Let the negotiations begin! On one side U.S. President Donald Trump who wants to build a wall between Mexico and the United States (and have Mexico pay for it) and to renegotiate NAFTA (among other things.) On the other side the Mexican government of President Enrique Peña Nieto, who, to generalize, doesn’t.
Until today the two leaders were scheduled for a January 31 face-to-face meeting in Washington. Then came a flurry from the U.S. side of tweets about The Wall and an executive order directing the head of the Department of Homeland Security to prepare to move ahead on the construction of the Wall. This included continued assertions by President Trump that Mexico would pay for The Wall. Mexico pushed back on that with tweets and other statements saying that Mexico, categorically, would not pay for The Wall. Those exchanges culminated last night in a tweet from President Trump saying that if Mexico wasn’t prepared to pay for The Wall maybe President Pena Nieto shouldn’t bother coming to Washington. And this morning the Mexican President picked up that challenge and called the meeting off–for the time being.
Mexico’s peso, which has been battered by Trump’s pre- and post-election comments, fell again after the announcement that the meeting had been cancelled. The peso fell by 1.1% to 21.29 to the dollar on the news and now, at 3:40 p.m. New York time trades at 21.2061 to the dollar. Mexico’s peso-denominated government bonds saw prices fall again with the yield on the benchmark bonds due in 2024 climbing 1.43 percentage points to 7.53%.
Both sides have now sent tweets demanding respect for their countries, their governments and themselves (in some order), which suggests that this is already personal and likely to be extremely contentious. Both sides have turned the issue of The Wall and who will pay for it into a test and the domestic base of both presidents is demanding that their guy hang tough. The picture is complicated by the deeply intertwined nature of the two economies. Mexico has become the manufacturing base for a huge swath of U.S. industry, including, especially, the auto industry. I’d certainly expect those interests to push back against any Trump initiative that threatened that investment.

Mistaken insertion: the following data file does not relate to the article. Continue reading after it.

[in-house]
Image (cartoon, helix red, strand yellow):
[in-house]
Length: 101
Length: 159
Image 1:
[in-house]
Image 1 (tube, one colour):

On the other hand, the Mexican economy is already reeling so Pena Nieto will feel under pressure to not undermine growth further–even as domestic Mexican opinion demands that he stand up to what large numbers of Mexicans see as another example of U.S. bullying. In an effort to support the peso and to fight inflation, the Bank of Mexico has raised interest rates by 2.75 percentage points in 2015 and 2016, including five 50 basis point increases in 2016. That hasn’t stopped the peso’s decline or the upward trend in inflation, which hit 3.3% in November, breaking above the central bank’s 3% target. Higher interest rates, though, have slowed the Mexico economy. GDP grew by just 2.1% in 2016 and recent forecasts call for 1.8% growth in 2017.
Economists are divided about whether the central bank should continue to raise interest rates to damp inflation and support the peso. (The Bank of Mexico moved earlier this month to directly support the peso by buying the currency on the open market.) Some economists see another 100 basis points in interest rate increases from the central bank in relatively short order. Others think the bank has already overdone rate increases.
Mexico’s Foreign Minister Luis Videgaray and Economy Minister Ildefonso Guajardo have been in Washington since January 24 meeting with Trump administration officials to set the stage for president-to-president talks. Those discussions are now in limbo as both sides posture before, I think, returning to the table. Mexico is the third-largest trading partner with the United States (after China and Canada.) Total U.S.-Mexico trade hit $531 billion in goods and services in 2015. Mexico ran a $60 billion trade surplus with the United States that year.